HISTORIC SUBDIVISION PLAN: NO PUBLIC COASTAL ACCESS
For as long as most people can remember, a large area of land on south side of the Okura Estuary has been home to a farm.
But what’s less known is that the farmland has already been subdivided and approved for residential development – split into 4ha blocks back in the 1970s.
It was planned under the previous ownership, and it’s an unusual subdivision by today’s standards.
The development has a private road running through the middle, allowing for the creation of a gated community. On top of this, 12 of the 30 sections have riparian rights, or ownership down to the mean high water spring tide mark. This would give landowners the right to lock the public out of the land forever.
Todd Property managing director Evan Davies says there’s an opportunity to create an alternative residential community, that would provide far greater benefits to all of Auckland.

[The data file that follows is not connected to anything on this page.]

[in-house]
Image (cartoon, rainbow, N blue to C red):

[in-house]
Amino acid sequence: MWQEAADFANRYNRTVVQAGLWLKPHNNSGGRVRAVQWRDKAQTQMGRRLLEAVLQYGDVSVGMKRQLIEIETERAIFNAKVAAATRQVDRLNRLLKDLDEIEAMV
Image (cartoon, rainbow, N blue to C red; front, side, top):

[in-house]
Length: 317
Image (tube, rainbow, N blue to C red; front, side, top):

“There is no provision of public open space as part of the historic subdivision. If it were to go ahead, the opportunity to expand the Regional Park and open up the coastline to the public would be lost. We think there’s a better outcome for Auckland,” said Mr Davies.
The alternative development plan being proposed for Okura would allow the land to be opened up to the public, with more than 40 per cent set aside for public open space.
Instead of gated development, a new family community would be created, preserving the land for everyone to enjoy.